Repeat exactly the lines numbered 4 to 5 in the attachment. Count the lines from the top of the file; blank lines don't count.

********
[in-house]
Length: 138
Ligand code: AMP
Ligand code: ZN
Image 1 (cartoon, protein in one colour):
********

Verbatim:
Ligand code: ZN
Image 1 (cartoon, protein in one colour):